Thursday, September 15, 2011
"You did WHAT to Return of the Jedi?" Author Interview with Julie Bellon
When I read through Julie's short bio on her website, I had to read the first sentence three times before I really comprehended what it said. I always feel like I'm stealing time from someone when I write (that's me, laying on the guilt), so you'll see why I asked my first question right off the bat. Julie has some great advice for authors and future authors, and just wait 'til you read what she did to Return of the Jedi. Now I want to take some icecream over to her house and sit and chat because she's way cooler than anyone I'm currently hanging out with (ahem, sorry Dave, you just don't cut it anymore...*whispers* that's a joke). I really enjoyed reading through Julie's interview, and I hope you will too!
Thanks, Julie, for giving me the chance to do this!
Okay, number one question: How did you ever find time to write with eight kids running around?
LOL Well, I subscribe to the "small bits" way of writing. For example, when my baby is sleeping and my three year old is watching Barney, I have an entire half an hour to get to the computer and write down the scenes that have been percolating in my head all day. For me, a lot of my "writing work" takes place before I ever sit down to write. I see the scenes in my head, I'm thinking of dialogue when I'm doing carpool, I'm mulling over plot points while I'm cleaning the bathroom. Then, when I have some precious computer time I can just sit down and start typing everything that's been going through my head all day. I also have a very supportive family that is willing to tend babies for me when I'm on a deadline and have things that have to be done right away.
Tell us about your new book. Where did you get the idea? Why did you choose to run with this idea?
I got the idea when I read a newspaper article about the Malacca Strait and how a third of the world's goods and a half of the world's oil is required to travel through this tiny little strait. The U.S. had offered to help Malaysia and Indonesia patrol it after the Dewi Madrim incident (where al-Qaeda captured the ship, but didn't hurt anyone on it, just forced the captain to teach them to sail it) because of course, if anything happened in the strait to clog it up, the world's economy could be seriously crippled. So I got to thinking, what if something did happen there? And Ethan, who was introduced in my book Dangerous Connections, seemed like the perfect gray character to really carry off the story. And then I just started writing. Funny fact--because of all the research I had to do, I ended up watching a lot of documentaries and now most of my kids can tell you a lot of little details that not a lot of people know about cargo ships and the Malacca Strait. LOL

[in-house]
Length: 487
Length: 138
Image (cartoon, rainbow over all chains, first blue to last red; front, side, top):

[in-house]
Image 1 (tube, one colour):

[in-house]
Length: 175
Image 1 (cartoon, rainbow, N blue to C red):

Out of all your books, who is your favorite character you've written? Why? What do you like about this character?
I think I like the character of Ethan in my newest novel. He's so deep and tortured by his emotions and wanting to do what's right, but feeling the guilt over his father's murder. I just love his layers and the kind of man he is--he's honorable, but that nobility is tempered with a bit of brashness and danger because of the secrets he keeps. I love that.
What is your number one writing tip/advice for authors and aspiring authors?
For aspiring authors, it would be to never give up. Keep learning the craft and keep improving your story. The saying goes, the only difference between a published author and an unpublished author is that one gave up. And I believe that. For current authors, it would be to write something every day. Even if it is only a page because a page a day would be a pretty good-size novel by the end of the year. Slow and steady wins the race, especially when you're a busy wife, mom, teacher, etc.
Do you have a favorite childhood memory or an event that steered you toward becoming a writer?
I was sitting in a theater watching the end of Return of the Jedi and I really hated the ending. I wanted the celebration to be the wedding of Han and Leia, so I went home and rewrote it to how I wanted it to be. I had known before that I loved witing and making up stories, but that was the day I felt like a real writer.
Thank you so much for the interview! That was a lot of fun.
I also run several contests, do book reviews, have writing tips, and offer critiques from a national editor on my blog http://www.ldswritermom.blogspot.com/
My new novel, Ribbon of Darkness, is in stores now!
You can buy it at:
Barnes and Noble (Nook)
Amazon (Kindle and paperback)
and at Seagull Book